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I'm continuing to work through permutations and combinations and my book has the following question:

A box contains 9 red, 4 blue, and 6 yellow chips. In how many ways can 6 chips be chosen if:
a) all 6 chips are red
b) all 6 chips are yellow
c) 2 chips are blue

I had no problem answering a) and b); however c) is stumping me. The answer, according to the text, is 8,190 however I can't figure out how they're arriving at that number.

I thought it would be: $$(19\cdot 18\cdot 17\cdot 16/4!)/2! = \frac{19\cdot 18\cdot 17\cdot 16}{4!\cdot 2!}$$ but that returns $1938$, not $8,190$.

At this point in the text we've only covered the Permutation and Combination formulas: nPr and nCr.


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up vote 5 down vote accepted

The number of ways of choosing 2 blue out of 4 is $\binom{4}{2}.$ After that you have 4 chips remaining which can be chosen from either 9 red or 6 yellow or both. So you are choosing 4 chips from $9 + 6 =15$ chips. Putting all together, you get $$\binom{4}{2}\binom{15}{4}.$$

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Thanks so much for the textual explanation (not to mention the calculation)! Really helpful. – Nick Jul 21 '11 at 16:44
No problem. glad to help..:) – Nana Jul 21 '11 at 16:48
Sorry, one more question on this. After choosing 2 blue out of 4, why would the the 4 chips remaining not be chosen from 9 red, 6 yellow and/OR 2 blue? In other words after you choose the 2 blue chips aren't there still 2 other blue chips remaining that could be chosen to fill the remaining 4 places? – Nick Jul 23 '11 at 15:31
Never mind. Got it. The problem states only 2 chips are blue, so we don't include them. If the problem said "at least 2 chips are blue" then we'd include the remaining 2 blue chips in the second combination: 17C4, as opposed to 15C4. – Nick Jul 23 '11 at 15:41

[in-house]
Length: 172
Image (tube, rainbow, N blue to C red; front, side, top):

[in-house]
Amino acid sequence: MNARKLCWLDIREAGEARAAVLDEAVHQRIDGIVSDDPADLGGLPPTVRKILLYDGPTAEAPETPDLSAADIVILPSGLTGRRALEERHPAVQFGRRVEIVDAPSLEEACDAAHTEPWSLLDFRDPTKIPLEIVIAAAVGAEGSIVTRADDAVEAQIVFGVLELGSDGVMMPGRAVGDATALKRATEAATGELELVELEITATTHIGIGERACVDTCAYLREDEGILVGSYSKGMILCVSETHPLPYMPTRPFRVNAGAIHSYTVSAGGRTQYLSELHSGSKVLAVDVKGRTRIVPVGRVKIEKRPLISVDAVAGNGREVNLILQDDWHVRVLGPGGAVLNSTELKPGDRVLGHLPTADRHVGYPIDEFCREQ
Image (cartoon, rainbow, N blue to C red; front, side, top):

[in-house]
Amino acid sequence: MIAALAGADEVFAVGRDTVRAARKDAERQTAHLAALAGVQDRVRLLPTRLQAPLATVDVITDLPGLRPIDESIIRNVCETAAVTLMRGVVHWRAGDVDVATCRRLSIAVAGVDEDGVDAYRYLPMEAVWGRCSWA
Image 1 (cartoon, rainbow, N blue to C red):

Im glad you got it. If it however said at least 2 blue chips, then we could have 2 blue, 3 blue or 4 blue chips.So that will be (4C2*15C4)+(4C3*15C3)+(4C4*15C2) – Nana Jul 23 '11 at 16:09

You can solve those kind of questions using generating functions:
- For the choice of red chips: $1+x+...+x^9=\frac{1-x^{10}}{1-x}$ (which means you can choose no red chips or 1 or 2 and so on up to 9).
- For the blue chips: $x^2$ since you have to choose $2$ blue chips.
- For the yellow chips: $1+x+...+x^6=\frac{1-x^7}{1-x}$ (once again, you can choose up to 6 yellow chips).
Now, the generating function to your problem would be $f(x)=\frac{1-x^{10}}{1-x}x^2\frac{1-x^7}{1-x}$. What you need is the coefficient of $x^6$, which is the number of ways to choose exactly $6$ chips under the above restrictions.
Hope that helps.

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You want 2 blue chips out of 6 and 4 non-blue chips out of 15.

So $_6C_2\cdot _{13}C_4 = 15\cdot \frac{15\cdot14\cdot13\cdot12}{4\cdot3\cdot2\cdot1} = 15\cdot (15\cdot7\cdot13)= 20475$.

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